SpatiaFi is a platform that combines geospatial data processing with a REST API. It's designed to take in a substantial amount of location data and provide climate-related insights through an accessible API.
Utilizing widely-accepted formats like OpenAPI and JSON, SpatiaFi can easily be integrated into data processing pipelines, analytics workflows, and content management systems. The resultant climate insights can be leveraged for informed decision-making in a range of systems and processes.
💡 If you are new to geospatial data, we recommend reading the Geospatial Data page.
This documentation is automatically generated from our GitHub repository. There you will find the source files for these docs, as well as the Juptyer notebooks used to generate the tutorials. You are welcome to use the notebooks and code snippets in your own projects.
At the top of each page, you will find a link to the source code.
⏱ If you would like to get started with the API immediately, see the Quickstart guide.
The API is organized into the following sections:
- Dataset Overview - These endpoints provide information about the datasets available through the API. Metadata provided includes the dataset name, description, and the geographic area covered. Here you will also find endpoints for statistics covering the entire dataset. Generally, these endpoints cannot be filtered to a specific location or region of interest.
- Spatial Statistics - These are the most powerful endpoints provide statistics about a dataset for a specific location or region of interest. For example, you can request the average temperature for a specific point, or the average risk of flooding for a specific region. These endpoints are capable of returning data for a single point in time, or for a range of dates.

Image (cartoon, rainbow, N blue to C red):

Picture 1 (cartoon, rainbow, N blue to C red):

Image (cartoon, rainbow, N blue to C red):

- Point Values - These endpoints simplify the process of requesting data for a single point.
- Crop Dataset - These endpoints provide image data for a specific location or region of interest. Using these endpoints, you can request a map of the average temperature for a specific region.
- Search - These endpoints provide a way to search for datasets by name, description, or location.
Authentication is based off of OAuth 2.0. Because it is standardized, most languages will have an authentication library that should be used instead of manual interaction. For Python, we recommend the library Authlib.
🔑 Using the API requires authentication. Test credentials can be obtained by contacting us.
See the Authentication tutorial for more information, and examples in Python.
A request is generally made up of a geographic location, and a dataset of interest.
Some endpoints accept a latitude and longitude (via
GET) when requesting data for
a single point, but most endpoints require a GeoJSON object (via
After familiarizing yourself with the API, it is highly recommended to use a library to handle creating the GeoJSON objects and making requests.
The data returned by the API is roughly divided into: datasets and timeseries.
Datasets represent data that is collected at or aggregated over a period of time, such as average temperature or precipitation for a single month. A dataset may be made from a single point in time, or (more commonly) is the result of aggregation and will have a start and end date.
Timeseries represent data that is collected over time, such as temperature or precipitation and is made up of all datasets that fall within a given time period.
Timeseries and dataset endpoints are structured similarly, and can return the same data, but using the timeseries endpoints is more efficient when requesting data for multiple dates.